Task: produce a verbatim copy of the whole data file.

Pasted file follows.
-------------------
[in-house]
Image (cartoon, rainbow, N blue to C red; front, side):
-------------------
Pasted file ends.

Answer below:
[in-house]
Image (cartoon, rainbow, N blue to C red; front, side):